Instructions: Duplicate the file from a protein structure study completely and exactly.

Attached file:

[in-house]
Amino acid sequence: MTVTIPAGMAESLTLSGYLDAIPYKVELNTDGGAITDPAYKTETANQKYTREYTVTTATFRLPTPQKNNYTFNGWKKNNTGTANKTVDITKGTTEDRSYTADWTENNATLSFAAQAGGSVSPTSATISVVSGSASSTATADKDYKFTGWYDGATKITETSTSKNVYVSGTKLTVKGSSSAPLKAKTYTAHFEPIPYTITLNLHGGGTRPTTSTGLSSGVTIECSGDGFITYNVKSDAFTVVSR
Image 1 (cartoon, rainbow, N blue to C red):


[in-house]
Amino acid sequence: MTVTIPAGMAESLTLSGYLDAIPYKVELNTDGGAITDPAYKTETANQKYTREYTVTTATFRLPTPQKNNYTFNGWKKNNTGTANKTVDITKGTTEDRSYTADWTENNATLSFAAQAGGSVSPTSATISVVSGSASSTATADKDYKFTGWYDGATKITETSTSKNVYVSGTKLTVKGSSSAPLKAKTYTAHFEPIPYTITLNLHGGGTRPTTSTGLSSGVTIECSGDGFITYNVKSDAFTVVSR
Image 1 (cartoon, rainbow, N blue to C red):